Tommy Garrett, Bellevue’s freshly minted state senator, said he is not rushing to draw up legislation.
Appointed to the Legislature Dec. 11 by Gov. Dave Heineman, Garrett said he needs to learn the procedures of state government before adding to the approximately 600 bills already filed for 2014.
He has no doubt, however, about his priority for the session that begins today, Wednesday.
“It’s all about jobs,” he said. “It’s not a panacea for everything, but jobs cure a lot of ills. With more jobs, you have more people paying taxes, more people purchasing products and services. Jobs, jobs, jobs. So, whatever we can do from an economic development perspective, I think we need to do.”
Garrett, 59, a Republican who was appointed to the District 3 seat after the resignation of state Sen. Scott Price, speaks from personal experience.
In 2010, after serving 26 years in the U.S. Air Force and retiring as a full colonel, he created The Garrett Group, a consulting firm that contracts with the U.S. Department of Defense and several foreign governments in matters of intelligence.
The business, now flourishing in the former Rumors Restaurant and Lounge building on Fort Crook Road, was a roll of the dice for Garrett and his wife, Julie, but the experience of risking his life’s savings and seeing it create well-paying jobs spurred his desire to get involved on a wider scale.
“My small business keeps me very busy,” he said. “But I feel very passionately about so many issues, and I thought I’d be the world’s biggest hypocrite if I criticized all that’s going on and then didn’t at least throw my hat in the ring and volunteer to try to do something about it.”
Intelligence work comes naturally to Garrett, who retains top secret security clearance and whose military career revolved around the issue.
Garrett said no cause in the Bellevue area is greater than securing the future of Offutt Air Force Base. But his other priorities reflect major targets of the Legislature in this upcoming session.
“My big issues are taxes, just as Gov. Heineman’s issue is taxes,” he said. “Taxes are too darn high, and I’ll be finely attuned to that. Education is another huge thing, public safety is a huge thing. And for me, and for District 3, where we have so many veterans, Offutt Air Force Base is a very huge thing.”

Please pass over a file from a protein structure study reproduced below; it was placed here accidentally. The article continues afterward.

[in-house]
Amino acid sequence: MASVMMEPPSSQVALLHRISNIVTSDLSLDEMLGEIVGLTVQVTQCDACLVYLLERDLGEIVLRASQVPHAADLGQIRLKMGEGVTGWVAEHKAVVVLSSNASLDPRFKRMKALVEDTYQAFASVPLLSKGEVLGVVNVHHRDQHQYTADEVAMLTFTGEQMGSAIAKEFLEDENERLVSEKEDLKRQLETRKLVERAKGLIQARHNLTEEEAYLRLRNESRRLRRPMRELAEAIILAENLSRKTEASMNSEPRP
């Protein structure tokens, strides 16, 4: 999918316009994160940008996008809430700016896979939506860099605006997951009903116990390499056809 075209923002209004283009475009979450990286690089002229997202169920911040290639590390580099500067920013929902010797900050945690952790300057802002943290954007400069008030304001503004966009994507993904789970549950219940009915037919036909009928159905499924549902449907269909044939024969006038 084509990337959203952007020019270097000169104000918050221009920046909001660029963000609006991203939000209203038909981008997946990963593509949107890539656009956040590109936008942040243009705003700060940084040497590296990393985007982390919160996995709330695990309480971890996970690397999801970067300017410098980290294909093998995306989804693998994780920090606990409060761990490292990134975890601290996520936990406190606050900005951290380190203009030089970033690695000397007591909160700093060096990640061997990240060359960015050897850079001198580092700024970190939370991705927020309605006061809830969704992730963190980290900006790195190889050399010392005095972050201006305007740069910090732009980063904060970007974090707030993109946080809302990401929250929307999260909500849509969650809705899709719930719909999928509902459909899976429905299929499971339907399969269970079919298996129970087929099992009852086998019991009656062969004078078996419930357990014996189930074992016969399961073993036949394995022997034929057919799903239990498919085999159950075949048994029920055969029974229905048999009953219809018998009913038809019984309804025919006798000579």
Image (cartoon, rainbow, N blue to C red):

He said he has already had discussions with Sue Crawford, Bellevue’s other state senator, and with Bellevue Mayor Rita Sanders concerning the need to keep Offutt off the radar screen of the federal Base Realignment and Closure Commission.
“We’ve been talking about keeping Offutt a viable entity,” he said. “Its economic impact on Nebraska is just huge.”
Garrett said a prime obstacle to building prosperity in Nebraska is its tax rates, which he believes are too high. He said he is willing to work with Heineman, who wishes to reduce income taxes, and with senators who prefer to target property taxes.
“I don’t see them as diametrically opposed issues,” he said. “Clearly, Nebraska is one of the worst states for taxes, period. Corporate taxes, property taxes, income taxes.”
Taxes on veterans and retirees are specific targets of Garrett.
“Veterans don’t want their pensions taxed, and I agree,” he said. “Social Security income shouldn’t be taxed. Why, during that period of your life when you can least afford to pay taxes should you have to pay on Social Security benefits?”
And property taxes, he said, hurt the elderly most.
“Elderly people on fixed incomes ought not to have to sell their properties to pay taxes,” he said.
Garrett said he brings to his business affairs a philosophy of partnership that seeks to treat employees well.
As a consequence, he said, his company provides health benefits so generous that they will be subject to a special surtax imposed by the federal Patient Protection and Affordable Care Act.
The Garrett Group provides a 401(k) with a 4 percent match, he said, as well as a tuition assistance program along with other benefits.
The key to providing that level of compensation is a vibrant economy, he said, and he will work to promote policies that promote economic health.
He will also, he said, run for election this fall to earn the right to serve the two years remaining in Price’s term.
Garrett said he will work with Democrats or Republicans, who he believes share a common goal of making life better for everyday people, even if their methods differ. He promised that he will not be outworked.
“I’m going to work my butt off,” he said. “That’s typically what I do. I’m passionate about everything I do. There are a lot of people who are smarter than me, but I have to find anyone who will outwork me.
“I’m very tenacious. I work 7 days a week. I’m a four-hour-a-night sleeper; it’s just the way I’ve always been.”